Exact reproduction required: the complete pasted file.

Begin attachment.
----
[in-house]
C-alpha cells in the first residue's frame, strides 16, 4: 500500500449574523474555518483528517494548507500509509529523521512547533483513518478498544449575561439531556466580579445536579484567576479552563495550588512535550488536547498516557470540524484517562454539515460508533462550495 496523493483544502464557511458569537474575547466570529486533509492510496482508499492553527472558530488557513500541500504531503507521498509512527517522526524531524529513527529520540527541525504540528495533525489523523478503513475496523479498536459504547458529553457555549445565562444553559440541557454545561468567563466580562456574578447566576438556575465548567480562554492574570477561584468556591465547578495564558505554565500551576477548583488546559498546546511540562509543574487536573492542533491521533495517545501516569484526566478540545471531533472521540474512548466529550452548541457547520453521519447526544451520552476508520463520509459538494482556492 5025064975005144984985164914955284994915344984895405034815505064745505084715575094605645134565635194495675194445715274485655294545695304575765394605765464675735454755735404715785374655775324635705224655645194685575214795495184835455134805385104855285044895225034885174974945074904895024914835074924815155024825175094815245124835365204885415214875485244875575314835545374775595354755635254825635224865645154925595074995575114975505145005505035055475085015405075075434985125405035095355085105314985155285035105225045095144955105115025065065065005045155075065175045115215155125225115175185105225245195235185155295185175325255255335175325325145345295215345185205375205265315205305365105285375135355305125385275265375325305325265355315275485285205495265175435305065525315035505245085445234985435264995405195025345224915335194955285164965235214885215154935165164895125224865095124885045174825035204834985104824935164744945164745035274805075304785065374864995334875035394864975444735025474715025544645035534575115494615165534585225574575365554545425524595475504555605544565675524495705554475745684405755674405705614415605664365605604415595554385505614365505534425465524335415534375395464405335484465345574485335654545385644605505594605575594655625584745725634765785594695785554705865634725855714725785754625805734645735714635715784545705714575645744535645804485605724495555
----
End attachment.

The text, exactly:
[in-house]
C-alpha cells in the first residue's frame, strides 16, 4: 500500500449574523474555518483528517494548507500509509529523521512547533483513518478498544449575561439531556466580579445536579484567576479552563495550588512535550488536547498516557470540524484517562454539515460508533462550495 496523493483544502464557511458569537474575547466570529486533509492510496482508499492553527472558530488557513500541500504531503507521498509512527517522526524531524529513527529520540527541525504540528495533525489523523478503513475496523479498536459504547458529553457555549445565562444553559440541557454545561468567563466580562456574578447566576438556575465548567480562554492574570477561584468556591465547578495564558505554565500551576477548583488546559498546546511540562509543574487536573492542533491521533495517545501516569484526566478540545471531533472521540474512548466529550452548541457547520453521519447526544451520552476508520463520509459538494482556492 5025064975005144984985164914955284994915344984895405034815505064745505084715575094605645134565635194495675194445715274485655294545695304575765394605765464675735454755735404715785374655775324635705224655645194685575214795495184835455134805385104855285044895225034885174974945074904895024914835074924815155024825175094815245124835365204885415214875485244875575314835545374775595354755635254825635224865645154925595074995575114975505145005505035055475085015405075075434985125405035095355085105314985155285035105225045095144955105115025065065065005045155075065175045115215155125225115175185105225245195235185155295185175325255255335175325325145345295215345185205375205265315205305365105285375135355305125385275265375325305325265355315275485285205495265175435305065525315035505245085445234985435264995405195025345224915335194955285164965235214885215154935165164895125224865095124885045174825035204834985104824935164744945164745035274805075304785065374864995334875035394864975444735025474715025544645035534575115494615165534585225574575365554545425524595475504555605544565675524495705554475745684405755674405705614415605664365605604415595554385505614365505534425465524335415534375395464405335484465345574485335654545385644605505594605575594655625584745725634765785594695785554705865634725855714725785754625805734645735714635715784545705714575645744535645804485605724495555